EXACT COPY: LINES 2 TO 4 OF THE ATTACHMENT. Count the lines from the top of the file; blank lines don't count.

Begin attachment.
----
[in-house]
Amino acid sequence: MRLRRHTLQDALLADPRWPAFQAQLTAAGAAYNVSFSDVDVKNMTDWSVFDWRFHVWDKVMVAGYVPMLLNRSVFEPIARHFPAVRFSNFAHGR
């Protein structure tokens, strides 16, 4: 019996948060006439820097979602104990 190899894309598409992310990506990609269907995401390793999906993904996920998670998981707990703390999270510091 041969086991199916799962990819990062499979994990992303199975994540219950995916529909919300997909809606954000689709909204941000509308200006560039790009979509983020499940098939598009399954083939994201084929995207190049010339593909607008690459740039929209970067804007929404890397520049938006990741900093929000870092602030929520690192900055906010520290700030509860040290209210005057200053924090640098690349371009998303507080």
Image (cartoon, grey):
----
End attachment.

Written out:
Amino acid sequence: MRLRRHTLQDALLADPRWPAFQAQLTAAGAAYNVSFSDVDVKNMTDWSVFDWRFHVWDKVMVAGYVPMLLNRSVFEPIARHFPAVRFSNFAHGR
């Protein structure tokens, strides 16, 4: 019996948060006439820097979602104990 190899894309598409992310990506990609269907995401390793999906993904996920998670998981707990703390999270510091 041969086991199916799962990819990062499979994990992303199975994540219950995916529909919300997909809606954000689709909204941000509308200006560039790009979509983020499940098939598009399954083939994201084929995207190049010339593909607008690459740039929209970067804007929404890397520049938006990741900093929000870092602030929520690192900055906010520290700030509860040290209210005057200053924090640098690349371009998303507080």
Image (cartoon, grey):